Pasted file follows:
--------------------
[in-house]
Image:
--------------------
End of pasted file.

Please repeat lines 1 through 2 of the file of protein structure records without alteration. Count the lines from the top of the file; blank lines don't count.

[in-house]
Image: